Treatment of Parkinson's disease: what's in the non-dopaminergic pipeline?
ABSTRACT: Dopamine depletion resulting from degeneration of nigrostriatal dopaminergic neurons is the primary neurochemical basis of the motor symptoms of Parkinson's disease (PD). While dopaminergic replacement strategies are effective in ameliorating these symptoms early in the disease process, more advanced stages of PD are associated with the development of treatment-related motor complications and dopamine-resistant symptoms. Other neurotransmitter and neuromodulator systems are expressed in the basal ganglia and contribute to the extrapyramidal refinement of motor function. Furthermore, neuropathological studies suggest that they are also affected by the neurodegenerative process. These non-dopaminergic systems provide potential targets for treatment of motor fluctuations, levodopa-induced dyskinesias, and difficulty with gait and balance. This review summarizes recent advances in the clinical development of novel pharmacological approaches for treatment of PD motor symptoms. Although the non-dopaminergic pipeline has been slow to yield new drugs, further development will likely result in improved treatments for PD symptoms that are induced by or resistant to dopamine replacement.
Project description:Parkinson's Disease (PD) is a long-term neurodegenerative brain disorder that mainly affects the motor system. The causes are still unknown, and even though currently there is no cure, several therapeutic options are available to manage its symptoms. The development of novel antiparkinsonian agents and an understanding of their proper and optimal use are, indeed, highly demanding. For the last decades, L-3,4-DihydrOxyPhenylAlanine or levodopa (L-DOPA) has been the gold-standard therapy for the symptomatic treatment of motor dysfunctions associated to PD. However, the development of dyskinesias and motor fluctuations (wearing-off and on-off phenomena) associated with long-term L-DOPA replacement therapy have limited its antiparkinsonian efficacy. The investigation for non-dopaminergic therapies has been largely explored as an attempt to counteract the motor side effects associated with dopamine replacement therapy. Being one of the largest cell membrane protein families, G-Protein-Coupled Receptors (GPCRs) have become a relevant target for drug discovery focused on a wide range of therapeutic areas, including Central Nervous System (CNS) diseases. The modulation of specific GPCRs potentially implicated in PD, excluding dopamine receptors, may provide promising non-dopaminergic therapeutic alternatives for symptomatic treatment of PD. In this review, we focused on the impact of specific GPCR subclasses, including dopamine receptors, adenosine receptors, muscarinic acetylcholine receptors, metabotropic glutamate receptors, and 5-hydroxytryptamine receptors, on the pathophysiology of PD and the importance of structure- and ligand-based in silico approaches for the development of small molecules to target these receptors.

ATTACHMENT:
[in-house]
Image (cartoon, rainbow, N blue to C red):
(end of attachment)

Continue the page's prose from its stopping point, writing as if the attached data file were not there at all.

Project description:INTRODUCTION:Dopaminergic therapy in Parkinson's disease (PD) can be associated with both motoric (e.g., dyskinesias) and neuropsychiatric adverse effects. Examples of the latter include Dopamine Dysregulation Syndrome (DDS) and impulse control disorder (ICD), which are separate but related behavioral/psychiatric complications of treatment in PD. Dysregulation of volition characterizes both dyskinesias and DDS/ICD; thus, we analyzed potential disease-related correlates in a large PD cohort. METHODS:We analyzed cross-sectional data from 654 participants collected through the NINDS Parkinson's Disease Biomarkers Program. DDS/ICD symptoms and dyskinesias were assessed using the Movement Disorders Society (revised) Unified Parkinson's Disease Rating Scale. Potential associated variables were selected from PD-validated or PD-specific scales of neuropsychiatric or motoric status. Multivariable models with DDS/ICD or dyskinesia presence outcomes were produced with backward stepwise regression to identify factors independently associated with DDS/ICD and/or dyskinesias. RESULTS:Fifty-three (8.1%) participants endorsed DDS and/or ICD symptoms and 150 (22.9%) were dyskinetic. In multivariable analysis, psychosis was independently associated with both dyskinesias (p = 0.006) and DDS/ICD (p < 0.001). Unpredictable motor fluctuations (p = 0.026) and depression (p = 0.023) were also associated with DDS/ICD; female sex (p = 0.025), low tremor score (p = 0.001) and high akinesia-rigidity score (p < 0.001) were associated with dyskinesias. CONCLUSIONS:Our findings suggest that psychosis may be an important marker of impaired volition across motor and cognitive domains. Unpredictable motor fluctuations, psychosis, and depression may together comprise a phenotypic profile of patients at increased risk for DDS/ICD. Similarly, dyskinetic PD patients should be closely monitored for psychotic symptoms and treated appropriately.
Project description:Parkinson's disease (PD) is a neurological disorder characterized by the degeneration of dopaminergic neurons, with consequent reduction in striatal dopamine levels leading to characteristic motor symptoms. The most effective treatment for this disease continues to be the dopamine replacement therapy with levodopa together with an inhibitor of aromatic amino acid decarboxylase (AADC). The efficacy of this therapy, however, decreases with time and most patients develop fluctuating responses and dyskinesias. The last decade showed that the use of catechol-O-methyltransferase inhibitors as adjuvants to the levodopa/AADC inhibitor therapy, significantly improves the clinical benefits of this therapy. The purpose of this article is to review the current knowledge on the enzyme catechol-O-methyltransferase (COMT) and the role of COMT inhibitors in PD as a new therapeutic approach to PD involving conversion of levodopa to dopamine at the target region in the brain and facilitation of the continuous action of this amine at the receptor sites. A historical overview of the discovery and development of COMT inhibitors is presented with a special emphasis on nebicapone, presently under clinical development, as well as entacapone and tolcapone, which are already approved as adjuncts in the therapy of PD. This article reviews human pharmacokinetic and pharmacodynamic properties of these drugs as well as their clinical efficacy and safety.